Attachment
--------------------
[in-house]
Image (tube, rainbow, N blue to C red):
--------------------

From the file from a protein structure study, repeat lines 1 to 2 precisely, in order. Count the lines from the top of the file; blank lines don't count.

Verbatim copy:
[in-house]
Image (tube, rainbow, N blue to C red):